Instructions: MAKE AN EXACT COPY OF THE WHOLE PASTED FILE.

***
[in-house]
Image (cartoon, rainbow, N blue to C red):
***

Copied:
[in-house]
Image (cartoon, rainbow, N blue to C red):